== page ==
For years now, I’ve been a huge fan of the UK property programme Location, Location, Location. It’s fascinating to hear people’s stories when they buy their new home, and what influences their decisions. I often think that one day I might work in the property business and become the next Kirstie or Phil (presenters of the UK programme), because there is something about connecting houses with dreams that makes such a job really special. And every story is different, as was ours when we bought Casa Campestre.
Why buy a house in Spain?
About 4 years ago, Hilary and I decided to move to a different part of the UK. We found a house, our offer was accepted, we got a mortgage sorted out and met some architects to help us renovate. And then … slowly but surely I fell out of love with the house. Why? Lots of reasons. Every time we went to visit there was a fierce, biting, easterly, cold wind. There was no phone signal in the village. The commuting distance to London for work turned out to be too long. So, with pain in our hearts, we backed out of the deal. At that same time, the mortgage we had applied for came through. So here we were, mortgage at the ready, no house!
It took some months before Hilary was prepared to look at other properties again. And then, surprisingly, he sent me details of an amazingly beautiful place – in Spain! And so instead of a long weekend that we had planned on the Isle of Wight, we decided on a whim to go to Spain and look at houses there. We had big ideas about holiday lets and swimming pools, but in our first meeting with the estate agent, Marcel, from Sunset Properties, he explained that due to Spanish (Andalucian) regulations it was unlikely that we could let out this particular house or have a swimming pool. Our first introduction to Spanish regulations, many more would follow!
A perfect house, perfect location
But the house was perfect! As was the location. About one hour’s drive from Malaga and Granada, a little longer to Cordoba and just two hours from Sevilla. Overlooking spectacular mountains, and in the far distance the Lake of Iznajar. The nearby village had a thriving bar and a small supermarket, and was only a short drive, or 25-minute walk away. Quiet, no immediate neighbours, but still part of a broader village community. We were smitten – it was a fairy tale property bathed in glorious sunshine.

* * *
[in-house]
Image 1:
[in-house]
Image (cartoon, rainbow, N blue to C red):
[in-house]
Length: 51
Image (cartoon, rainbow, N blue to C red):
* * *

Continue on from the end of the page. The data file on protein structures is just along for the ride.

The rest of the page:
Having seen a few more houses on the Saturday, our thoughts kept returning to the first property and we walked around it again for a couple of hours. And that was it, we were hooked, and decided to make an offer. Tricky, because asking prices for houses vary enormously and don’t seem to be entirely market driven. As an example, not far from our house in Spain, there is a total wreck on the market for euro 600,000! Whereas a charming village house with three bedrooms and in reasonable condition was on the market for less than euro 100,000. We talked with the estate agent to get a measure of how far below the asking price we could go, which was helpful. But a next time (if there is a next time!) I would definitely want to be better informed about house prices before making an offer. We also hadn’t realised that Spanish properties don’t normally move very quickly, so we could have taken much more time for negotiations.
Important people in the buying process
We asked the estate agent for recommendations for a local architect/surveyor, because we wanted to have a full survey done. This is not a mandatory part of the process, but good for peace of mind. The report was thorough, and pointed out some work that needed to be done, but no show-stoppers. A next (and important) step was to find a lawyer to help us through the buying process. I’ve heard some terrible stories of people buying without professional legal advice, and so the cost of approximately 1% of the house price is definitely worth it. We found an (English-speaking) lawyer through our own networks, who sorted out everything, including NIE numbers, setting up a bank account and writing our Spanish wills (which is part of the process). Our estate agent was very helpful too, providing contacts of local wifi installers and builders. Since then I have discovered the local Lake Iznajar English Speakers group on Facebook, and I will not ever need to worry about finding useful contacts again!
End result? A beautiful Spanish farm house!
We bought at the end of May, got the keys end of August, and overall it was a very smooth process. I cannot begin to describe the total excitement when we first picked up the keys. We had bought the (Ikea) furniture from the current owner and this was included in the overall purchase price. A good wheeze, as this means you pay less tax. And to our great amazement and immense gratitude, the previous owner had left way more than indicated on the official inventory, including basic food stuffs, a huge supply of kitchen roll and loo paper, and an enormous quantity of tonic water, a bottle of gin and bottles of wine. A fantastic welcome!
We have around 9 doors in our property, so the first few hours after arrival were spent fitting and labelling keys. And just walking around in a daze … It was hot, we were in Spain, we were in our new house, and we couldn’t quite believe it.
Four years later
We have done a lot of building works and improvements, we understand a lot more about Spanish regulations (a separate blog will follow on that subject alone!), we know our Spanish and non-Spanish neighbours, and can’t wait to spend a year here and integrate into this different environment and culture. Spanish lessons, here I come!